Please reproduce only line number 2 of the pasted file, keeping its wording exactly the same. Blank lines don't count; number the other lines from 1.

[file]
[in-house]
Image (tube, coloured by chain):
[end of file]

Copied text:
Image (tube, coloured by chain):